At the end of the year there are so many cues around us that tell us that we should be happy and that we should reflect on our lives. Humbug! Find out how not to fall prey to the holiday blues that are so common. A couple of key ideas from psychology will be applied here: Irrational Thinking and Social Comparison.
Irrational Thinking: there are too many cues in our environment that tell us that we should be happy or that everybody else is happy around this time. It’s simply not true. Don’t expect or demand of yourself that you be happy. I can hear psychologist Albert Ellis saying now, “Where is it written that you should be happy?“. I’m sure he would also point out that everybody else is not happy – assuming that they are just because many people wear a (probably false) expression of happiness does not mean that other people are in some kind of great mood.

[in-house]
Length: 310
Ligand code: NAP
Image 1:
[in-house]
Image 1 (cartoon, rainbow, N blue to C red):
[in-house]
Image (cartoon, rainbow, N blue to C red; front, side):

Social Comparison: too often we compare ourselves to others who we think are doing well (or at least better) than we are. Remember to compare downward as well: you’re doing better than a lot of people in this world.
Be Grateful: there’s plenty of research on the psychology of happiness that tells us that recognizing what we have that is great will make us feel better. If you must assess your life at this time (and you don’t have to) remember to take into account the good things.